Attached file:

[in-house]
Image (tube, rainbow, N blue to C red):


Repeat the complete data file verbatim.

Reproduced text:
[in-house]
Image (tube, rainbow, N blue to C red):